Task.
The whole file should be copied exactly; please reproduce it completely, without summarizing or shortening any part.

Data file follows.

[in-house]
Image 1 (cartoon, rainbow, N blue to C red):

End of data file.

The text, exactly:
[in-house]
Image 1 (cartoon, rainbow, N blue to C red):